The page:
155th Anniversary of the Gettysburg Address

The Gettysburg National Cemetery was dedicated by President Abraham Lincoln a brief four months after the Battle. Lincoln’s speech lasted only two minutes, but it went into history as the immortal Gettysburg Address.


“Four score and seven years ago, our fathers brought forth on this continent a new nation: conceived in liberty, and dedicated to the proposition that all men are created equal.

Now we are engaged in a great civil war. . .testing whether that nation, or any nation so conceived and so dedicated. . . can long endure. We are met on a great battlefield of that war.

We have come to dedicate a portion of that field as a final resting place for those who here gave their lives that that nation might live. It is altogether fitting and proper that we should do this.

But, in a larger sense, we cannot dedicate. . .we cannot consecrate. . . we cannot hallow this ground. The brave men, living and dead, who struggled here have consecrated it, far above our poor power to add or detract. The world will little note, nor long remember, what we say here, but it can never forget what they did here. It is for us the living, rather, to be dedicated here to the unfinished work which they who fought here have thus far so nobly advanced.

It is rather for us to be here dedicated to the great task remaining before us. . .that from these honored dead we take increased devotion to that cause for which they gave the last full measure of devotion. . . that we here highly resolve that these dead shall not have died in vain. . . that this nation, under God, shall have a new birth of freedom. . . and that government of the people. . .by the people. . .for the people. . . shall not perish from the earth. ”


Abraham Lincoln
November 19, 1863

15 Comments on 155th Anniversary of the Gettysburg Address

  1. I wish the Confederates would have just left the Yankees cooling their behinds in Sumter instead of giving him his pretext for war.

  2. And when a portion of it was a clue-answer in a semi-finals teen tournament match in Jeopardy last week, not one of the three teens knew Abe Lincoln said it. Two got it wrong, and the other didn’t buzz in. Sad!

  3. Several years ago I had the pleasure of taking 30 German teens to the site in Gettysburg were this was given. The teens were amazed at the deeper picture and how few words Lincoln chose to convey such a strong message.

    In some ways Lincoln was as plain spoken as PDJT.

    Lincoln’s life and presidency is overshadowed by what he didn’t get to accomplish – keeping the carpet baggers off of the south as he intended. I think his goal would have been to pick up the union where it broke and run with it. I now that Lincoln is controversial to some on this site bute almost every president has been to somebody.

  4. Just my personal opnion….i think every American needs to go to go see and walk this hallowed ground.

    The Park Service does an excellent job with their guided tours. The Devil’s Den, The Slaughter Pen, The Wheat Field, The Peach Orchard, Culps Hill, Cemetary Hill, Cemetary Ridge, Seminary Ridge, Little Round Top, Picketts Charge, The Copse of Trees…all very humbling.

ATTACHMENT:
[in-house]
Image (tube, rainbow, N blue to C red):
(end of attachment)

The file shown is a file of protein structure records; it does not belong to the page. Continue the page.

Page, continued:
The book named “The Killer Angels” by Michael Shaara is an excellent and well known novel about the battle.

    Abe understood what had happened….hence his profound words.

  5. And to think, in high schools they use to have to recite The Gettysburg Address, now they teach all about slavery and Jim Crow and the civil rights movement, but little about the price paid to free the slaves the changes in the Constitution to make them citizens and the many individuals who walked with the protestors and voted to elect republicans who passed the civil rights act.

  6. An O.K. speech…. no one ever reports how he ended his chat though…

    “HEY EVERYBODY! WE’RE ALL GONNA’ GET LAID” Followed by a jaunty Kenny Loggins tune.

  7. Ha! I practiced endlessly as an eighth grader to recite every word of the Gettysburg Address and the teacher spent two or three days having students stand in front of the class and reciting it.
    No one recited it perfectly and I waited patiently for my name to be called because I was more than confident that I knew each and every single word.
    I was never called on and I was too shy to put myself out there….I have no idea what grade I may have been given or if I ever received a grade at all.
    Doesn’t matter….I survived the public school system where I often felt inferior, today….not so much.

  8. The two-hour-long address delivered by the great orator Edward Everett was originally intended to be the Gettysburg Address. Yet Everett told Lincoln, “I should be glad if I could flatter myself that I came as near to the central idea of the occasion, in two hours, as you did in two minutes.”

  9. The battlefield was THE first act of preservation of just about ANYTHING post the Civil War in the country. Lincolns presence there made it for the ages.

    Gettysburg immediately became hallowed ground, as Antietem and others, and in the case of Gettysburg the biggest sculptural area in the WORLD.

    There are monuments everywhere one of the most humbling places…

    Interestingly we, as a ship, have been talking about going there in the spring. Troops have not seen yet…

  10. Gettysburg is still one of those places you can pull back the veneer of tourism back and still get the real sense of hallowed ground. I’ve been going since the 100th anniversary (and Ginsbery was there as well!).

    Gettysburg takes at least 2 days to start orientation to places/things (the Tour guides are worth every penny)

    Antietam is smaller (one day) and only 40 miles away or so.


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